a Canadian over Hiroshima
by dm gillis
In a favourite frequent dream he was Little Boy, released lazily from the fuselage, falling freely over the city with his eyes open wide, toward the topography and civil systems, framed by the compass horizon. This was the elegance of his descent, the landscape static below for that long minute, having been dropped from so high, decent divorcing distance. Then the dense second of his detonation, uranium-235 colliding, as he became the toroidal vortex that defined him forevermore.
He woke at 3:00 a.m., in the heat of that fire over Hiroshima. But he remembered quickly that it was August, and that the heat was merely the swelter over his dull prairie neighbourhood. He sat up in his bed, scanning the dark for ghosts. But until that night, there had been none. The dead had spent no time in his ordinary garden. They hadn’t peeked over its walls, or tried its gate. The dead danced on other planets.
He was a man of many regrets, prone to saying he had none. Alive to the murder/suicide in things, he wrote equations to forget, on his ceilings and walls, papering over the windows and writing over them. Kilometres of binaries, brackets, numbers, functions, powers and variables throughout the house, all in 4B graphite pencil. There were holes in things. He gauged their sizes and pinpointed their locations. Strings of calculus. He dusted carefully the boundaries between objects, a bit of mathematical fibre on a toothpick run along the cracks in things. 3:00 a.m. glowed in the dark. Fictitious, a fraud.
Time is equal to distance over velocity, t = d/v; anguish equal to isolation over remembering, a = i/r.
The Enola Gay, with a crew of 12, 7,000 gallons of fuel, and a 9,000 pound bomb in its belly lifted off from Tinian Airfield at 2:45 a.m. on August 6, 1945. The B-29 Superfortress had four engines and was propeller-driven, a heavy bomber designed by Boeing. It was advanced for its time, with a pressurized cabin, an electronic fire-control system, and remote-controlled machine-guns. The crew dropped the bomb over the city at 8:15 a.m.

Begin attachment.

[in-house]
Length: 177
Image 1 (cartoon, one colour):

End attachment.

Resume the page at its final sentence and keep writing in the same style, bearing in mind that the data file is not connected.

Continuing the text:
A girl on the ground, at that moment, looked up at the silver bead falling in the sky, her head tilted back, her mouth open slightly. Curious at first. Then, “Raijū,” she said, a second before she was blinded.
She wore a blue cotton dress like any Japanese schoolgirl of her time, and now sat on a chair near the bedroom window opened inches to the night. “I saw you in the sky,” she said to him, “that morning. And for all of the enmity and cunning that delivered you there, you were passive and imbecilic, round and ridiculous, a silly tantrum.”
“But you misunderstand,” he said. “I simply have dreams.”
She looked around at the numbers on his walls, and said, “I felt your heat for a second, and then I was ash. A silhouette. A moment scorched onto a wall.”
“I’m sorry,” he said, his fists twisting the sheets, and at some point fell back to sleep.
She was gone in the morning, and he wrote a = i/r with a finger in the bathroom mirror’s morning steam. Equations and the dead have their silence, and they stand on stone.